Other than AI, we see this alienation of people from meaning most profoundly in the wealth of trolls and other “inauthentic activity” on social media and the internet. Although the (non-bot) people on the other side of this activity are at least actually agents with minds (unlike AI), they break the process of Deep Meaning-making because they are not putting themselves into the creation in any real sense. These actors copy and paste “content” which has been designed not to communicate authentically to the desired audience, but to achieve some political outcome.13 In the creation of this content, words are divorced from their meaning, because the goal is no longer communication.14 The same thing happens anytime a person lies, of course, but inauthenticity on social media operates on a scale that was previously unimaginable; plus, it is also much more difficult to detect because it is so much easier to simulate the superficial trappings of authenticity and so much harder to gain access to the ground truth.

The world is full of bullshit, and it’s only getting fuller.

So if you ever wonder why things feel so meaningless nowadays… well, it’s because, in a real sense, we’ve engineered a world where more and more of it is meaningless. We’re mercilessly sawing away at the connection between each other – a connection that relies on the fact that real minds are on both ends, and both are authentically trying to make meaning and share it. AI breaks the connection most powerfully, but meaninglessness is the water in which the modern world swims.

This sucks, doesn’t it?

I’m not very optimistic about where this is going, to be honest.

As a teacher, what I want to teach, and what I want people to practice doing, is the process of creation itself. I don’t give a single goddamn flying fuck what ChatGPT thinks about the essay prompt. The purpose of having students write an essay is not to fill the world with yet more words on the topic of the essay: the point is to find out what my students think about the topic. Actually, the point is even deeper – it is to make them go through the process of figuring out for themselves what they think, and to wrestle with putting those thoughts into words so that they can clarify things to themselves and improve their ability to share those thoughts clearly. This process cannot be short-circuited by outsourcing it to AI; to do so removes the entire fucking point.

The same thing goes with other things I teach. When I teach coding and statistics, the skills I aim to impart are the habits of thought and the ease with concepts and ideas that come from actually doing the coding and actually figuring out how to apply and interpret the statistics on actual real data. These skills do not come by asking an AI for the code and copying that code into the console without understanding. Just as real facility with advanced math requires a facility with numbers (not using a calculator every time you need to add something), so too facility with statistics and coding and analyses comes from internalising the base skills; and you only really internalise those by doing and creating things yourself.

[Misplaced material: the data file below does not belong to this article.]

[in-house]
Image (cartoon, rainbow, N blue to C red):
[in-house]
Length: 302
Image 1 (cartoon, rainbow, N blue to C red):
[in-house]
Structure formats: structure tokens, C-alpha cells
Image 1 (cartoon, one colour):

We lose so much of what learning should be if the goal of education becomes to pass it to an AI and then fiddle with the content it outputs. We are outsourcing a real part of our humanity, our creativity, to a machine, and not recognising the cost.

As someone concerned about mental health, I’m really concerned about the deepening alienation, nihilism, and ennui that we are letting ourselves in for. Do you think the levels of depression and anxiety are bad now? Wait till human connection is fractured even further, where instead of actual interactions with actual therapists people are expected to talk to ChatGPT, where social anxiety has heightened to the point that people’s “interactions” with each other consist of sharing AI-generated witticisms on social media. Wait till we live in a world where we are less and less sure that people we talk to online are real people, or their communications are their actual words. Wait till we live in a world where it is routine to get emails that were generated by AI, which are then answered by AI, with people taking no part in the process at all.

Does this sound like a world you want to live in?

Most profoundly, as someone who must live in the world, I’m troubled about living in a society where meaninglessness is the norm. Among other issues, fascism and authoritarianism thrive on meaningless because people who lack meaning turn to “strong leaders” and are easy to manipulate. Even beyond that, our information systems rely on norms of cooperation and trust that the people on the other end, the creators of messages, are authentic and real. Without that, the best case is that the system stops being used and dies entirely. More likely, while the rich might be able to create walled gardens of meaning, the system for most of us will become a swamp of falseness and distortion, a cursed transformation of humanity’s greatest asset – our cumulative cultural knowledge – into our greatest weakness.

I’m concerned that the end state of all of this is a coarsening of the idea of meaning in the first place. I do not want to live in a world where meaning has become a cargo cult – where people confuse real creation and real meaning with simulacra that retain the superficial characteristics but lack the underlying process and agency that are where it really comes from. Once we’re there, how can we get back?